The cooking of the African continent reflects the influences of its explorers, its conquerors, and its traders. Such is the history of chiles in Africa, which were unknown before 1500 but conquered a continent in less than half a century. The Africans embraced the imported Capsicums with a fervor unmatched except, perhaps, by the people of India and Mexico. As African food expert Laurens van der Post observed, “The person who has once acquired a taste in the tropics for African chiles becomes an addict.”
There are dozens, if not hundreds of names for the pungent pods of Africa. The Portugeuse there call the chile pimento, the English refer to it as chilli, the Arabic words for it are shatta and felfel, and the French word for chile is piment. The Swahili words for chile are pili-pili, piri-piri, and peri-peri, which are regional variations referring to both chiles and dishes made with particularly pungent pods. Tribal names vary greatly: chile is mano in Liberia, barkono in northern Nigeria, ata in southern Nigeria, sakaipilo in Madagascar, pujei in Sierra Leone, foronto in Senegal, and the ominous fatalii in Central African Republic.
Spice-Laden North Africa
Since the Arabic countries north of the Sahara are linked culturally, economically, and gastronomically more closely with the Mediterranean region than with the rest of Africa, there is little doubt that chiles first appeared in North Africa. In the first place, the Strait of Gibraltar separates the Iberian Peninsula and north Africa by only a few miles, so it is a logical assumption that chiles would filter southward from Cadiz to Tangier by at least the early 1500s. In the second place, the Turks completed their conquest of North Africa in 1556, and since they had already introduced chiles into Hungary, it makes sense that they also carried them to Tunisia, Algeria, and Libya.
The first chiles to appear in North Africa were probably small, extremely hot annuums closely related to cayennes, which were and still are used mostly in the dried red pod form or are ground into powders. By examining the chile recipes that exist today, we can taste dishes that are centuries older because the cuisines of North Africa have hardly changed at all. Morocco and Tunisia are the largest producers of chiles in North Africa, followed by Sudan, which sells its chiles to Egypt.
Load of Chiles Arrives at the Market, Nabeul, Tunisia
A complex and powerful spice compound is the chile-based harissa, of Tunisian origin but found all over North Africa. Harissa is a paste featuring red chiles for heat and color and curry spices such as cinnamon, coriander, and cumin for flavor. It is used in the kitchen and at the table to fire up soups, stews, and less spicy curries. Harissa Sauce is a classic North African condiment, which combines cayenne or other dried red chiles with cumin, cinnamon, coriander, and carraway. It is extremely hot and is used as a condiment, a marinade, a basting sauce, and as a salad dressing. Harissa is often served on the side as a dipping sauce for grilled meats such as kebabs and is also served with couscous.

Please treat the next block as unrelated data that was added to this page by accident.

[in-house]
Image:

The most famous North African chile dishes, served from Morocco to Egypt, are called tajines, and they are named after the earthenware tajine pot in which they are cooked. Just about any meat–chicken, pigeons, mutton, beef, goat, and even camel–can made into a tajine with the exception of pork. The meat is usually cubed, and, according to Harva Hatchen: “The cooking liquid is the secret of a tajine’s tastiness. This is usually a combination of water and butter or oil (characteristically, olive oil) and seasonings to suit what’s being cooked.” The long cooking time allows the ingredients to become very tender, and the cooking liquid to reduce to a thick, savory sauce.
In Morocco, couscous is king, a “national dish.” As kings are likely to do, it has invaded the rest of North Africa also. In most servings, it not only has its own chiles, but is “married” to Harissa Sauce; that is, they are inseparable. The name of the dish is onomatopoeic, meaning that it emulates the sound the steam makes as the grains of semolina cook.
Another Moroccan specialty is Lamb and Cayenne Kefta, which combines those two ingredients with a bewildering array of spices such as mint, cloves, allspice, ginger, cardamom. nutmeg, and cumin. North African stews–and the earthenware pots they are cooked in–are called tajines.
We do not usually think of salads as being spicy, but they are in Tunisia. Salata Mechouia is an unusual salad utilizing small green chiles, bells, tomatoes, and garlic, which are grilled and then crushed together.
African Bird Peppers
Although chiles probably appeared first in North Africa, they did not spread into the rest of Africa from that region but rather were brought by Portuguese explorers and traders. Even before Columbus, Portuguese exploration of Africa had proceeded down the west coast of the continent between 1460 and 1488. When Vasco de Gama rounded the Cape of Good Hope, crossed the Indian Ocean, and landed in India in 1498, he established the trade route for spices and other goods that the Portuguese controlled for over a century.
African Grey Parrot with Chiles, by Cyd Riley